The bureau released bogus letters and messages to create rifts between the Panthers, its white leftist supporters, and other Black nationalist organizations. In particular, false leaked documents created permanent internal tensions between the two Panther leaders, Eldridge Cleaver and Huey P. Newton, ultimately playing an important role in the weakening of the party. The FBI planted false stories in the newspaper and television to paint the Panthers and their white supporters in a bad light, reducing their popular support. COINTELPRO successfully created discord between the Black Panther Party and other Black nationalist organizations like Ron Karenga’s US group. The FBI-fostered feud between the two organizations led to a large shootout, from which two Panther members, Alprentice Carter and John Huggins, lost their lives. An official report by the Chicago FBI office stated the leaked letters “may intensify the degree of animosity between the two groups and occasion Fort to take retaliatory action which could disrupt the [Black Panther Party] or lead to reprisals against their leadership.”

Direct police violence and brutality from local police departments backed the initiatives of COINTELPRO by targetting popular Black nationalist organizations. The Chicago police gunned down and murdered two Panther members, Fred Hampton and Mark Clark, when the two were unarmed, unaware, and asleep in their apartments. Survivors of the raid were arrested for bogus attempted murder charges. Over a hundred bullets were discovered in the aftermath of the raid and the police statement described a bloody two-sided confrontation initiated by the Panthers. However, experts later discovered that only one of the bullets were fired from by Black Panther Party members, discrediting the official reports.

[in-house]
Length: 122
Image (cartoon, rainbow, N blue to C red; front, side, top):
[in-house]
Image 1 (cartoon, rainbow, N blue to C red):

The FBI conspiracy to diminish the political influence and undermine the social programs of the Black Panther Party through the covert operations of COINTELPRO directly led to its decline in 1982. Through propaganda and false documents, the program flooded the public media with distorted depictions of the party as a violent armed criminal organization, creating rifts between the Panthers and their leftist white supporters. Forged communications and documents were “leaked” to the public to create feuds within the Black Panthers and with other Black nationalist organizations, weakening the unity and social integrity of the political party. The FBI encouraged local police departments to raid, harass, and assault members associated with the Black Panther Party. The operations of COINTELPRO directly demonized the Black Panther Party and disparaged their “subversive” political message.

Picture Credit: photograph of Huey Newton by Eldridge Cleaver (1967)